National Highway Traffic Safety Administration (NHTSA), Department of Transportation (DOT).
This final rule amends a provision in Federal Motor Vehicle Safety Standard (FMVSS) No. 213 that specifies that child restraints manufactured on or after August 1, 2008 are tested by NHTSA with the Hybrid III version of the 6-year-old child dummy. NHTSA is postponing the August 1, 2008 date to August 1, 2010. The August 1, 2010 date provides NHTSA time to consider comments on seating procedures proposed earlier this year for the dummy and to complete an evaluation of technical issues relating to the use of the Hybrid III dummy in FMVSS No. 213, and provides the public more time to become experienced with testing with the dummy. As a result of this final rule, FMVSS No. 213 will permit, at the manufacturer's option, the use of either the Hybrid II or Hybrid III 6-year-old dummy in compliance tests of child restraints manufactured on or before August 1, 2010. Child restraints manufactured on or after August 1, 2010 will be tested with the Hybrid III 6-year-old child test dummy.
If you wish to petition for reconsideration of this rule, your petition must be received by September 19, 2008.
Effective date: This final rule is effective August 5, 2008.
If you wish to petition for reconsideration of this rule, you should refer in your petition to the docket number of this document and submit your petition to: Administrator, National Highway Traffic Safety Administration, 1200 New Jersey Avenue, SE., West Building, Washington, DC 20590.
The petition will be placed in the docket. Anyone is able to search the electronic form of all documents received into any of our dockets by the name of the individual submitting the comment (or signing the comment, if submitted on behalf of an association, business, labor union, etc.). You may review DOT's complete Privacy Act Statement in the Federal Register published on April 11, 2000 (Volume 65, Number 70; Pages 19477-78).Start Further Info
FOR FURTHER INFORMATION CONTACT:
For technical issues, you may call Shashi Kuppa, PhD, Office of Rulemaking (Telephone: 202-366-1740) (Fax: 202-493-2990). For legal issues, you may call Deirdre Fujita, Office of Chief Counsel (Telephone: 202-366-2992) (Fax: 202-366-3820). You may send mail to these officials at the National Highway Traffic Safety Administration, U.S. Department of Transportation, 1200 New Jersey Avenue, SE., West Building, Washington, DC 20590.End Further Info End Preamble Start Supplemental Information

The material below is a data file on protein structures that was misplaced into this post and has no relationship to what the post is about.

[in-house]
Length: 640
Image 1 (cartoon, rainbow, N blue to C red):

This final rule amends S7.1.3 of FMVSS No. 213 to permit, at the manufacturer's option, the use of either the Hybrid II or Hybrid III 6-year-old dummy in compliance tests of child restraints manufactured before August 1, 2010. A notice of proposed rulemaking preceding this final rule was published January 23, 2008 (73 FR 3901, Docket No. 2007-0048).
On July 28, 2005, NHTSA issued an interim final rule (70 FR 44520) that amended a provision in FMVSS No. 213 that had specified that child restraints  manufactured on or after August 1, 2005 would be subject to compliance testing with a Hybrid III 6-year-old child test dummy (August 3, 2005, Docket No. 05-22010). The Hybrid III 6-year-old child test dummy is specified in 49 CFR part 572, subpart N. The agency had incorporated the Hybrid III test dummy in FMVSS No. 213 to replace its Hybrid II counterpart believing that the Hybrid III test dummy's enhanced biofidelity and extensive instrumentation would lead to a more thorough and precise assessment of child restraint performance over that resulting from the Hybrid II dummy. However, a child Start Printed Page 45356restraint manufacturer (Dorel Juvenile Group (Dorel)) asked to delay the compliance date for the mandatory use of the Hybrid III dummy because of unexpectedly high Head Injury Criterion (HIC) measurements Dorel found when it tested its booster seats with the Hybrid III dummy. In the interim final rule, the agency agreed that the August 2005 date should be postponed to August 1, 2008 to provide more time to work with the dummy and make needed adjustments to child restraints to enable them to meet FMVSS No. 213 performance criteria.